difficult child "thing" or adoption "thing" or both

Discussion in 'Parent Emeritus' started by Nomad, Mar 4, 2010.

  1. Nomad

    Nomad Guest

    difficult child has had a weird month or so.
    She's moving to new places even faster than previously. The only "positive" kinda sorta is that some of these moves were probably things that were either not her fault or she had little to do with. For example, she moved into a place that within one week, the toilet broke down and it turns out the landlord knew all along that there were major plumbing problems. Then, when the toilet stopped working, she asked us to give her $2000 to fix her plumbing problems. Hmmmm....perhaps a difficult child landlord too.

    Anyway.....my question....


    difficult child seems to get into many dilemmas simply 'cause she can't say no to folks. There are too many "far out" unbelievable/not to be believed stories to tell and it would just wretch my guts to tell them all. When we tell her to speak up for herself (some of these instances she is clearly being taken advantage of...ANYONE could see it), she'll say "I don't want to be a bxtch."

    Yet, difficult child has NO problems saying no to mom and dad and sometimes borders on being a real bxtch with us (although that NEVER gets her ANYWHERE with us.)

    So, your thoughts/experience....

    iIs this a total difficult child thing or does being adopted and possibly having some attachment stuff thrown into the mix have a little something to do with this problem of not being able to say no to people and allowing oneself to be taken advantage of??????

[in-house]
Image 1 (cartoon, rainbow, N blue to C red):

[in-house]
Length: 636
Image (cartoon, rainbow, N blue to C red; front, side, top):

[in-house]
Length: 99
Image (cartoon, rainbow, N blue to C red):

Thanks.:faint:
     
  2. DammitJanet

    DammitJanet Well-Known Member Staff Member

    I dont know. I dont think that it has anything to do with being adopted. I think it is more to do with being fairly naive and wanting people to like her and not knowing how to put up boundaries so that she can weed out real friends from people who are only hanging out with her to get what they can get from her. That takes maturity and for some people it takes much longer than others.

    It took me forever and a day to learn that lesson and it seems to be taking Cory a long time as well. Jamie is a bit better but he still gets taken in on occasion. I would try to save the world. I cant tell you how many "strays" I dragged home with me. Tony and I even had to move out of an apartment in the middle of the night and leave one woman in the apartment because she simply wouldnt leave when we tried to get rid of her! Eventually I learned not to let folks move in with me but it took years and years. LOL.

    I think difficult child's tend to find one and other too.
     
  3. Suz

    Suz (the future) MRS. GERE

    I don't see it as an adoption issue either. Our kids have so few "real" friends that they will cling onto anyone who gives them the time of day.

    Us? We've proven over and over that we won't desert them so they don't feel the desperation to be nice to us as they do their peers.

    Suz
     
  4. scent of cedar

    scent of cedar New Member

    Oh, that's good, Suz. I agree.

    Barbara
     
  5. KTMom91

    KTMom91 Well-Known Member

    What Suz said. Miss KT has difficulty standing up for herself...unless she's aiming at me of Hubby. Not so much these days, though (knock on wood), but it still happens.
     
  6. Nomad

    Nomad Guest

    Yep...even though I see it, it's hard to believe.
    So few friends and desperate.
    difficult child is actually rarely "that way" with us. She has her moments where she tries...but pulls back fast.
    Also, I have detached to a large extent. AND when difficult child goes into that mode with me, the door shuts in all ways...including emotionally.
    It is scary when she gets herself in unsafe situations...but it is what it is.
     
  7. compassion

    compassion Member